The Taiping Rebellion, which is recounted in Jonathan D. Spence's God's Chinese Son, took place in China in the mid-nineteenth century. It was led by a charismatic Chinese man who came to believe he was the younger brother of Jesus and that God wanted him to create a "new Jerusalem" in China.
In seeking to understand how the British viewed this rebellion, grasping the context of British Imperialism in China at the time is critical. This was an age of European empires who were establishing trading rights and privileges as well as colonies across the globe. Further, the major European powers were in a contest with each other for dominance through the riches that imperialism had to offer.
Subsequently, as their interests were not political outside their nation, this rebellion would have been a matter of "Chinese domestic politics" to the British. Their policies regarding it would have focused mainly on the need to maintain their trade and commerce privileges without interruption.
Officially, the British position was one of neutrality between the existing government and the rebels. For the most part, the British considered this to be a civil war between Chinese factions, while regarding the rebels as agitators. The British were under general orders to use force only to protect British holdings and interests in the region. In practice, however, the "neutrality" of British forces in China was questionable, and seemed to exist in a permanent "grey area."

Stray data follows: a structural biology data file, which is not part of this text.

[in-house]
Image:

In many cases, there were cities in which the British had large trading posts or compounds exclusive for their use. As these areas and the troops protecting them were ultimately closely intermingled with targets for the rebels, efforts to attack only the government and leave the foreigners unaffected were usually unsuccessful. Time and again, British forces engaged the rebels when they felt the rebels were too close or were in some way, directly or indirectly, threatening British interests.
In summary, the British viewed this rebellion as a civil war and largely a matter of Chinese domestic politics. If it didn't interfere with their trade, they would have remained uninvolved. In practice, though, the unrest caused by the rebels often led the British to interpret their instructions to remain neutral quite liberally, meaning they did not hesitate to engage the rebels in combat whenever they felt it necessary.
Overall, the British showed the same chauvinistic attitude that was common for that time, meaning that the needs, desires, and goals of both Chinese factions were consistently overridden by the pursuit of British self-interest.